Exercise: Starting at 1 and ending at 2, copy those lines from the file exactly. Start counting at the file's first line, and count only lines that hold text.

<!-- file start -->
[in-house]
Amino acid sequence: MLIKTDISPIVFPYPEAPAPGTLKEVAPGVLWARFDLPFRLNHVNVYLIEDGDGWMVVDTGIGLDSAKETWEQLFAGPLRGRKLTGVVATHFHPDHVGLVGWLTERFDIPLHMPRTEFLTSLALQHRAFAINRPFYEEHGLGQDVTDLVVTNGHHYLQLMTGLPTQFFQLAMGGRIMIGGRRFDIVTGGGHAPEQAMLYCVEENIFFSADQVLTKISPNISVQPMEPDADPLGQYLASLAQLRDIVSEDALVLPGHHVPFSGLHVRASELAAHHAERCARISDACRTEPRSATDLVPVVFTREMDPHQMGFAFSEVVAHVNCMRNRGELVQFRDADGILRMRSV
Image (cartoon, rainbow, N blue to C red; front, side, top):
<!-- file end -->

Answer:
[in-house]
Amino acid sequence: MLIKTDISPIVFPYPEAPAPGTLKEVAPGVLWARFDLPFRLNHVNVYLIEDGDGWMVVDTGIGLDSAKETWEQLFAGPLRGRKLTGVVATHFHPDHVGLVGWLTERFDIPLHMPRTEFLTSLALQHRAFAINRPFYEEHGLGQDVTDLVVTNGHHYLQLMTGLPTQFFQLAMGGRIMIGGRRFDIVTGGGHAPEQAMLYCVEENIFFSADQVLTKISPNISVQPMEPDADPLGQYLASLAQLRDIVSEDALVLPGHHVPFSGLHVRASELAAHHAERCARISDACRTEPRSATDLVPVVFTREMDPHQMGFAFSEVVAHVNCMRNRGELVQFRDADGILRMRSV